Early this January, reports emerged from China of several cases of a new SARS-like Coronavirus.
SARS (Severe Acute Respiratory Syndrome) is a virus from the Coronaviridae family, which caused two infectious outbreaks in 2003 and 2004. The pandemics started in China and rapidly spread over Asia to reach 37 countries. People infected with SARS presented severe pneumonia symptoms that could lead to mortality.
Although SARS has not been detected globally since the end of the second outbreak in 2004, another type of viral lung inflammation has emerged in Wuhan, China, since December 2019. Similarly to SARS, the virus is suspected to be a mutated strain of small-mammal-borne coronavirus transmissible to humans. Approximately 40 cases were reported and the people infected had been in direct contact with potential vectors at animal markets. Although so far, the only fatality caused by this new virus was an elderly man already afflicted by chronic illness, and the infectious agent has not been seen to be easily transmissible between humans, the fear of a global health crisis identical to SARS was quickly awakened. Between 2003 and 2004, SARS killed about ten percent of the people it infected, and claimed 774 lives.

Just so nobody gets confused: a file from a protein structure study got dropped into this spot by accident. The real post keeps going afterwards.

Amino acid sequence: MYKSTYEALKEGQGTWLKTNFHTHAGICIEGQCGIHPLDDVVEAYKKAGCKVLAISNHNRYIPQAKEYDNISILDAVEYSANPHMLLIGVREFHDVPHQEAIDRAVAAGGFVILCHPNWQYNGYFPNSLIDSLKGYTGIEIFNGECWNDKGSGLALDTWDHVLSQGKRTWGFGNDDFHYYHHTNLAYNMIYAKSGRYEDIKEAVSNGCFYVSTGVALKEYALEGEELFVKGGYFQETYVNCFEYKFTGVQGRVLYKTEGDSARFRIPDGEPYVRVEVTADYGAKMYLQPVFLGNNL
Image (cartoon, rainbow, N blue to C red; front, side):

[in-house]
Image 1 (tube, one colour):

So, no wonder the international community and infectious disease researchers were perplexed by the news coming out in the 8 December issue of the Wall Street Journal, rather from an official Chinese Government statement. Concerns about a will from Chinese officials to keep “critical public health information” (Jeremy Farrar, head of the London Wellcome Trust) to have a greater impact through a highly ranked journal have been expressed. The geographical origin of an emerging disease is often a sensitive subject, with politics intertwining with information and research strategies. International cooperation should however be a given, especially in our modern days where pathological agents may travel as easily as humans, animals and knowledge around this globalised planet. Withdrawal of official statements on emerging diseases may impair any head starts research desperately needs on infectious diseases.
Fortunately, this only seems to have been a communication mishap, and WHO has expressed its reassurance on ‘the quality of the ongoing investigations and the response measures implemented in Wuhan, and the commitment to share information regularly.‘
For the sake of global public health, let us hope rapid detection, identification and cooperative responses to infectious diseases will keep on this positive path.